CEO

Experiment Traps: 5 signs that your business experiment isn’t actually an experiment at all

Part of SeriesC’s Statistically Speaking series Over the past 40 years, the Harvard Business Review (HBR) has studied how companies conduct business experimentation and they often find that companies fail to learn from their tests because they never adopt the true discipline of experimentation.

Using J.C. Penney’s costly and disastrous 2012 overhaul as a key example, HBR pointed out that ­– had CEO Ron Johnson established a proper set of experiments to test his ideas to do away with coupons, double down on upscale brands, and use technology to eliminate cash registers – he might have discovered how customers would revolt and push store sales down by 44% that year.

Too often these days we hear business leaders in CEO and CMO roles declare that they need to “test their hypothesis” or “run an experiment” in hopes of discovering whether a new business model or product will succeed. The trouble is, they don’t actually form solid hypotheses or conduct experiments correctly. The right way to experiment involves five scientifically sound steps: form a specific hypothesis, identify the precise independent and dependent variables, conduct controlled tests in which you can manipulate the independent variable, and then do careful observation and analysis of the effects, leading you to actionable insights. If you follow the steps, they’ll always present you with a valuable answer. So, where do many seemingly smart companies go wrong when it comes to business experimentation?

HBR posits that businesses can fall down at various stages when running a business experiment. Here, we’ve taken HBR’s Checklist for Running a Business Experiment and included what we’re calling Experiment Traps that you should recognize and avoid throughout the process:

  1. Purpose – HBR asks: Does the experiment have a clear purpose?
    1. The Hypothesis Hypocrisy Trap – did you and your management team agree that a test was the best path forward? Why? Is your hypothesis specific and straightforward (A good hypothesis clearly identifies what you think will happen based on your "educated guess" ­– what you already know and what you have already learned from your research)? If not, you’ve already fallen into the biggest experiment trap: Hypothesis Hypocrisy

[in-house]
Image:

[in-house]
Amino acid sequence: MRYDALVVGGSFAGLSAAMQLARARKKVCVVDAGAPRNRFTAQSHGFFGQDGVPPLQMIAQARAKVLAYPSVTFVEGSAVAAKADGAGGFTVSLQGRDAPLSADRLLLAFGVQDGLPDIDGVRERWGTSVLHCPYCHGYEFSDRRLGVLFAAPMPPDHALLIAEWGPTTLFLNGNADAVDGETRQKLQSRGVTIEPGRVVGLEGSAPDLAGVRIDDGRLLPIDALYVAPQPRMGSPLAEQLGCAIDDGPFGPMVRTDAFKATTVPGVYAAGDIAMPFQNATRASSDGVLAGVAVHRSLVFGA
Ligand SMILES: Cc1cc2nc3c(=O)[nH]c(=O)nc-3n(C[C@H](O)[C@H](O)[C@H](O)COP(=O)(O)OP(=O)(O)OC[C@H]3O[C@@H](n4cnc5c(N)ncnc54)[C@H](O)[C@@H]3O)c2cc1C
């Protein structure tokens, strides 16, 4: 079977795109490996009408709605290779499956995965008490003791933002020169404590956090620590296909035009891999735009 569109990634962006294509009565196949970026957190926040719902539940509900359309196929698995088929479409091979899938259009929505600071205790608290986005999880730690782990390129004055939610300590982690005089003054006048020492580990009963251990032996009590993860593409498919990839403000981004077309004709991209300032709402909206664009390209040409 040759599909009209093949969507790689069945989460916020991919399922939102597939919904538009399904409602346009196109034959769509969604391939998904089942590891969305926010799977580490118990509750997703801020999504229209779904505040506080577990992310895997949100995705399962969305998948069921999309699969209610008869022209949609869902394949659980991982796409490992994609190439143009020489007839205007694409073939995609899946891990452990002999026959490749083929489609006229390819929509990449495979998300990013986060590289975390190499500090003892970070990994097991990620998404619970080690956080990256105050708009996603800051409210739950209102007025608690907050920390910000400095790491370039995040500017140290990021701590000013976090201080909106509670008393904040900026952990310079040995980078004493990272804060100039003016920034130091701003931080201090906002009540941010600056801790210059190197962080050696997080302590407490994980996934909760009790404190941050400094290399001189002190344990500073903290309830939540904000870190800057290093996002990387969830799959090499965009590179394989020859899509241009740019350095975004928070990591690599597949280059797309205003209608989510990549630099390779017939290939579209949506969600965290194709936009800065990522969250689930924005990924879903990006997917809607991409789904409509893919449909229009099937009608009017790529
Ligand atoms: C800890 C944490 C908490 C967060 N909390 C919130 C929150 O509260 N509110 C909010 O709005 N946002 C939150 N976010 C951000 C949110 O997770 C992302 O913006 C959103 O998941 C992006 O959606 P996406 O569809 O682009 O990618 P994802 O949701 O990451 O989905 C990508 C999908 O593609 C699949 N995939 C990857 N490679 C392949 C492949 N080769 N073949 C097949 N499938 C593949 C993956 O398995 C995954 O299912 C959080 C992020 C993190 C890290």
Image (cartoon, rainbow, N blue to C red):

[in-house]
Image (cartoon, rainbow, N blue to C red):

2. Buy-in – HBR asks: Have stakeholders made a commitment to abide by the results?
    1. The Cherry-Picking Trap – are you entering into this experiment equally prepared to be delighted or disappointed in the results? Will you avoid the temptation to cherry pick results that support your preformed ideas? Avoid this trap by sitting down and agreeing how your company will proceed once the results come in. If you see the experiment as part of a larger learning agenda that supports the company’s overall strategy, then you’re off on the right foot.
  3. Feasibility – HBR asks: Is the experiment doable?
    1. The Unsound Trap – HBR says “experiments must have testable predictions” but complex business variables and interactions or ‘causal density’ can “make it extremely difficult to determine cause-and-effect relationships.” Avoid this trap by knowing your numbers. Start by figuring out if you have a sample size large enough to average out all the variables you’re not interested in. Without the right sample size, your experiment won’t be statistically valid. Engage SeriesC’s analytics team to help you determine the right sample size for your experiment.
  4. Reliability – HBR asks: How can we ensure reliable results?
    1. The Corner Cutting Trap – when conducting your experiment you’ll be faced with challenges of time and cost and other real-world factors that can affect the reliability of your test. Resist the pull to cut corners by adopting proven methods from the medical field, like randomization, control groups and blind testing, saving you time in the design of your experiment and producing more reliable results. Or tap into big data to augment your experiment so you can better filter out statistical noise and minimize uncertainty.